How to self -coach using the PRIDE MODEL for coaching
Five steps to approach coaching when there is no coach
"Great men are little men expanded: great lives are ordinary lives intensified."
WILFRED A PETERSON
Most people don't really understand the tenets or the discipline of coach or coaching. What is coaching? From my point of view is the ability to help individuals or organisation to do more of what they will ordinarily achieve through the help of a mentor of teacher who skillfully facilitates the process of moving their ideas forwards towards the realization of their desire short -term, medium term or long term goals. Coaching helps to bring the best out of people who are ordinary and would want to achieve extraordinary goals. The outcome is mastery of a particular discipline or experience.
Most achievers have the habit of hiring coaches to help them to achieve more in different areas of their lives. But what can you do in the absence of the means to hire a coach. Would you allow your life to just move on without significant? Or will you look for models that have been tested to help you move from your problem to solution or from your dream to reality. Either way , the choice is yours! However, this articles is aimed at describing five levels of important questions you need to ask using the PRIDE MODEL (Doherty and Thompson, 2007) for coaching. Knowing the model is one thing but taking action on the knowledge will benefit you more.
What is PRIDE MODEL all about?
It's made of five steps which makes up the acronym PRIDE. It's described as folows.
How do you implement the PRIDE model?
The basis for using this model is being able to ask very important questions. There is the possibilty that you can develop other versions of this model based on the questions asked. Remember that questions results in challenging our perspectives abut our present circumstance. Being able to develop good questions with purpose helps to develop new percepts concerning the challenge we are facing. The questions asked in this article are those expressed by Catherin Doherty and Jean Thompson in their book : Teach Yourself Leadership.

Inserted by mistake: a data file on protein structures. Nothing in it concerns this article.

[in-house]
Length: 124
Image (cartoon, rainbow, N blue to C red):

Purpose What is the higher purpose for resolving this matter?
Waht is the ultimate reason for doing this activity?
What is the outcome that you want?
What are your goals?
As you can see from this question, the 'what' question probes you innermost motive for the activity that you want to carry out. This question challenge your belief and value and therefore your deep enshrined idea and your behaviour.
Reality What is happening now?
Involve your senses; describe what toy see, hear and feel now.
What is working?
What is not working?
How big or small is the issue?
What is the scale?
Where does this thing happen, when and who is involved?
This question helps you to make sense of the situation. Making sense is an internal construct. Look carefully at the gradation of questions - 'what', 'how', 'where' and 'when' and 'who'?
it has to deal with the reality of this challenge and has to look at all it's attributes - behaviors, process, environment, time and space as well as relationship with others.
Ideas Come up with atleast three different ideas or options for how you could deal with them; if you were resolving it.
- Do nothing
This idea focuses on sifting the best idea an aspect of harvesting the best ideas from a brainstorming session.
Decide Evaluate what different ideas could give you. Figure out which one ( or combination) will meet your higher purpose the best. What will serve you best and what will give will it give you?
Decision step is very important. Observe the link between decision and you initial purpose. Good decision making focuses on three things - what you focuses on, the value on what you focuses on and what you want to do with the outcome. There must be an action or commitment to a decision.
Execute Execute your plan. Imagine the first step you are going to take. What specifically will you do to get the ball rolling?
Can you imagine having the commitment to do this, the enthusiasm and the motivation to see it through? If not what does it need?
Fig. 1 A SAMPLE OF PRIDE MODEL FOR COACHING (Adapted from Doherty and Thompson, 200; with modifications)
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